Bisleuconothine A, a bisindole alkaloid, inhibits colorectal cancer cell in vitro and in vivo targeting Wnt signaling
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Ling-Mei Kong1,2, Tao Feng1, Yuan-Yuan Wang3, Xing-Yao Li1,4, Zhen-Nan Ye1,2, Tao An1,2, Chen Qing5, Xiao-Dong Luo1, Yan Li1
1State Key Laboratory of Phytochemistry and Plant Resources in West China, Kunming Institute of Botany, Chinese Academy of Sciences, Kunming 650201, China
2University of the Chinese Academy of Sciences, Beijing 100049, China
3Harbin Institute of Technology (Weihai), Weihai 264209, China
4Present address: Georgia Regents University Health Sciences Campus, Augusta, Georgia 30912, USA
5Kunming Medical University, Kunming 650500, China
Yan Li, e-mail: firstname.lastname@example.org
Xiao-Dong Luo, e-mail: email@example.com
Keywords: Bisleuconothine A, inhibitor, Wnt signaling, colorectal cancer cells
Received: August 26, 2015 Accepted: January 23, 2016 Published: February 04, 2016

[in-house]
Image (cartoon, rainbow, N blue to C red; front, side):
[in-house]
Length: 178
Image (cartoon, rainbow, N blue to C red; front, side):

Wnt signaling pathway is aberrantly activated in a variety of cancers, especially in colorectal cancer and small molecule antagonists of Wnt/β-catenin signaling are attractive candidates for developing effective therapeutics. In the present study, we identified Bisleuconothine A, a bisindole alkaloid with an eburnane-aspidosperma type skeleton, as a novel and selective Wnt signaling inhibitor by using a cell-based luciferase assay system. Our study found that Bisleuconothine A down-regulated the endogenous Wnt target gene expression through promoting phosphorylation of β-catenin and the subsequent inhibition of its nuclear translocation in HCT116 and SW480 colorectal cancer cells. In vitro, Bisleuconothine A inhibited cell proliferation through induction of apoptosis by increasing the cleavage of caspases in HCT116 and SW480 colorectal cancer cells. Moreover, in vivo, Bisleuconothine A dramatically suppressed tumor growth in HCT116 Xenograft. And further analysis showed that Bisleuconothine A suppressed the Wnt target gene expression in HCT116 Xenograft, which was associated with up-regulation of β-catenin phosphorylation and subsequent Wnt signaling inhibition. Taken together, our study indicated that bisindole alkaloids could be included as a new chemotype of small-molecule Wnt signaling inhibitors, and have great potential to be further developed for anti-tumor agents.
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